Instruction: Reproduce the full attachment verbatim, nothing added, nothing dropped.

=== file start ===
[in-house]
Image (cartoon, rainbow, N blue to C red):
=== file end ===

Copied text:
[in-house]
Image (cartoon, rainbow, N blue to C red):